However, at the time there were a few people I was uncomfortable about coming out to. A client of mine in particular I had put together from chatting that she wasn’t exactly accepting of gay people. So I avoided the subject entirely, leaving out parts about who I was dating or where I had moved to. We became friends on Facebook after I had made a career change and was no longer taking clients. Soon after she sent me a message that shook me to my core. Upon finding out I was gay, she’d reconsidered her beliefs about it being wrong to be gay and reached out to talk to me about it. I immediately felt badly for not giving her a chance to know this vital aspect of my life. Another client I chose not to tell, found out through a friend of mine, and also reached out to offer support and talk to me about the experience. I had passed judgments on both of these women out of fear of being judged myself. In those moments I realized that I must never hide who I am.
I Did Have A Happily Ever After
Over the next nine months I became an entirely new person, or more accurately, the person I’d always been but couldn’t show. I’d lost over sixty pounds, changed jobs, moved, and met my now wife, Karyne, on OKCupid. Karyne is seven years older than me, and had been out since her freshman year of college. She helped me navigate the feelings I was still dealing with and understood the complexities of my situation. When Pride rolled around that year, one of my closest, oldest friends, Alex, whom I consider to be my brother and helped me so much when I came out, asked me if Karyne and I would like to walk in the San Francisco Pride parade with him, his husband, and their son. We immediately agreed, thinking really only of how much fun it would be to spend time with them (though I still think Karyne was really in it for the free T-shirt we got; she really loves a free T-shirt). We lined up early near the Embarcadero, surrounded by folks dressed up, rainbows everywhere, music blasting. And while none of this was new to me, it suddenly felt so very different. As our group turned the corner onto Market Street, we were met with crowds of cheering, smiling people, rainbow flags waving wildly, and I was completely overwhelmed with emotion. I fought back tears the entire parade. It was like being in a dream, but it was my real life. I was no longer an outsider to the community I belonged to.
I know that I’m lucky to have a supportive family, and live in a part of not only our country, but the world, where being openly gay is accepted. I don’t take that for granted. The most important thing I’ve learned from coming out is the importance of visibility. Because as we very well know, there are LGBTQ+ folks everywhere. In every job, in every race, in every religion, in every inch of our world. Gay characters in movies and TV shows are often still the token gay first, and then whatever the rest of their character is supposed to be. And while we have been fortunate to be in a country that, up until recently, was pushing for equality and visibility, we haven’t yet reached a point where LGBTQ+ folks are fully integrated into mainstream society.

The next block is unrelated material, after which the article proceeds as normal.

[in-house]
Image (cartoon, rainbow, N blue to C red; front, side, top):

But We Turned Away From Equality
After marriage was legalized in 2015, it became easy to feel like we had finally turned the corner on LGBTQ+ rights, especially living in the Bay Area, where it is common, even in the suburbs, to see gay couples and families. But over the last six months under this new administration, I, like so many others, have had to go back to wondering if these rights will remain intact for our entire country. My wife and I have a sense of security living in California, but we’re all too aware of the very real fears so many folks are feeling right now. Hateful actions like the Pulse Nightclub shooting, the murders of at least twelve trans people this year alone, along with our current administration’s lack of acknowledgement of the LGBTQ community on its website, the Census, and even denying Pride month itself, threaten our visibility.
I have had the privilege of standing on both sides now. And even though I’ve lived more of my adult life in hiding rather than out, I will never take for granted the importance of living a visible life that is full and authentic.
Pride is a reminder to us that the fight isn’t over. Until we are more equally visible among lawmakers, armed forces, workplaces, families, media, and all communities small and large, we still need Pride. We will need Pride until no person, upon their realization that they are gay, has to take pause, consider the possible consequences, and make a choice to possibly deny their very being.
What does pride mean for you and your communities? As an LGBTQ+ person, what Does Pride and visibility mean to you? Did it change after you came out? As an ally, what do you or can you do to step out of your comfort zone to create safe spaces and support visibility?
Image CreditCristal Veronica Photos